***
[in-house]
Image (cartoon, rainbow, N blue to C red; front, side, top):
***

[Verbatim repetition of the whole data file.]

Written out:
[in-house]
Image (cartoon, rainbow, N blue to C red; front, side, top):